Posted by Admin on January 20, 2016

By V. Ravichandar
Chairman, Feedback Consulting

There is a lot of buzz around the ‘100 Smart Cities’ project in India. Governments signalling the importance of cities finding their own destiny is welcome, but, we need to be aware of the challenges ahead in implementing the smart cities programme. If the foundation is not right, we run the risk of attempting to place a 2015 ‘smart city processor’ on a 1980s ‘mother board’! It will not work.

So what are the infirmities that ail our cities? The key ones are:

Weak governance and administration system with huge state interference, titular mayors, and dysfunctional city corporation committees

Negligible citizen participation

Trust deficit between citizen and government

Lack of accountability and no-outcome orientation due to multiple agencies operating in silos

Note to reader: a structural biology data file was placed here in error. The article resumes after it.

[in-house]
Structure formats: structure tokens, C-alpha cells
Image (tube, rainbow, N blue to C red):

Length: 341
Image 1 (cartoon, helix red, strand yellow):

Low human capacity in government

Financial mismanagement compounded by opaque reporting practices; and

Lack of vision, disdain for long-term planning and poor implementation, leading to deteriorating quality of life in the city.

If we are to succeed in the Smart City programme, we will need a governance and administration reform so that we have a more citizen-centric city corporation. We will need to find ways to engage the community in identifying what needs to be done, and do projects in a collaborative manner. There is a need for external expertise to help find solutions for civic problems. The private sector and entrepreneurs will need to be incentivised to be part of the Smart City journey.

One hopes that local state leaderships exhibit the necessary political will and vision to truly empower our cities as engines of growth.

(The author is Chairman, Feedback Consulting, and a civic evangelist working pro bono with city governments since 2000. These views are personal.)